Lawyers walk out of Ben Ali's trial
Tunis - The second trial of Tunisia's former president opened dramatically on Monday with the court-appointed defence lawyers walking out after their request for a postponement was denied.
Zine el Abidine Ben Ali and his family fled to Saudi Arabia on January 14 after a month long popular uprising against his rule. He is now being tried in absentia by the new government for a range of crimes, including corruption, embezzlement and ordering the death of protesters.
Ben Ali has foreign attorneys, but Tunisian law says lawyers from other countries cannot represent clients being tried in absentia. As a result, the former president is being represented by court-appointed defenders Hosni Beji and Bechir Mahfoudhi.
As they left the court, the lawyers were booed by onlookers, who shouted they should resign.
"Good riddance, you would have done better defending the victims of Ben Ali rather than be the lawyers for a torturer," said Ali Laayouni, a young unemployed graduate from the centre of the country where the rebellion first broke out.
Ben Ali's fall inspired similar pro-democracy uprisings against the region's autocratic rulers that is now being called the "Arab Spring."
Monday's trial on charges of gunrunning and drug smuggling has already been delayed twice, first until June 30 at the request of defence attorneys who said they needed more time to study the file. It was delayed again due to a lawyers' strike.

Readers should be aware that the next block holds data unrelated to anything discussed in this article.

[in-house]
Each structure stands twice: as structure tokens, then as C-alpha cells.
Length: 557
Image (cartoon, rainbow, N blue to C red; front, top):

Guns and drugs
It is the second of some 93 civil cases being brought against the president and his hated family and centres on guns and drugs found in the official presidential palace in Carthage.
On June 20, he and his wife were convicted of embezzlement and other charges and sentenced to 35 years in prison and fined $64m.
Ben Ali claimed in a statement that the jewels and weapons were gifts from heads of state and the money and drugs were planted.
In addition to the civil cases, there are another 182 counts that fall under military jurisdiction, some of which could risk the death sentence, including his role in the deaths of 300 people during the uprisings.
Ben Ali's foreign attorneys have dismissed the trials as rigged and part of a campaign to demonise the former president at the behest of Tunisia's new rulers.
"Today's trial, like the past verdict and the 93 trials announced is judicially nonexistent because it violates practically every criteria for a fair trial," said Akram Azoury, Ben Ali's Lebanese lawyer, in a statement.
Saudi Arabia has not responded to Tunisia's requests to extradite Ben Ali.